Fibrin glue coating of the surgical surfaces may facilitate formation of a successful bleb in trabeculectomy surgery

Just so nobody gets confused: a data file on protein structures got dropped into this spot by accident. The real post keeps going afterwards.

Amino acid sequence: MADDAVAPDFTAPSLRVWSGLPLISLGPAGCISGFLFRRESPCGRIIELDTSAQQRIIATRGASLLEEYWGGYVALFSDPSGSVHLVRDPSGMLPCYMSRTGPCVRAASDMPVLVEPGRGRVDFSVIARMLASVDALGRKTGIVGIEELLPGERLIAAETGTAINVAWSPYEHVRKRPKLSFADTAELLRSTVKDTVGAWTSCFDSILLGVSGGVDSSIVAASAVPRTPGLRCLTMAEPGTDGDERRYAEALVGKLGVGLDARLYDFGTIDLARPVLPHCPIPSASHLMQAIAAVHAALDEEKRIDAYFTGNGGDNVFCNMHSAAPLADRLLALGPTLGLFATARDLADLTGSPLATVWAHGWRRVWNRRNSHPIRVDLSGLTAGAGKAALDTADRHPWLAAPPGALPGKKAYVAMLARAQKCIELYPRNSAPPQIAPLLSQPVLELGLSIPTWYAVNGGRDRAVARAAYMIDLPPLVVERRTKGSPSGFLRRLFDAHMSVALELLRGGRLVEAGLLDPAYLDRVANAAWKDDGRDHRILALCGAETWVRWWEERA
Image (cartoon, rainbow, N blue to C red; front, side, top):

Trabeculectomy is commonly conducted when medical therapy fails to control intraocular pressure (IOP). The success of trabeculectomy for the treatment of glaucoma depends on the wound-healing response at the subconjunctival filtering bleb site. Postoperative scar formation is a serious problem in this surgery. Current strategies to counteract scarring include local antimetabolite treatment, which is associated with severe side effects, limiting its application. Therefore, additional means to safely modulate wound healing are desirable. In ophthalmic surgery, fibrin glue is used mainly for sealing and hemostatics purpose. Fibrin glue coating of tenon face of conjunctiva, scleral surface, reverse face of scleral flap and scleral bed with insoluble fibrin glue can halt both ooze bleeding and vascular leakage. By retarding the first step of wound healing, less postoperative inflammation may occur. Additionally aqueous humor flows through a fibrin glue coated interface. Therefore, we hypothesize that fibrin glue coating of the surgical surfaces in trabeculectomy surgery may yield less subconjunctival fibrosis and more successful bleb. To the best of our knowledge, no basic research has yet been performed regarding fibrin glue coating for halting the vascular leakage and easing the aqueous drainage into subconjunctival space in glaucoma surgery.
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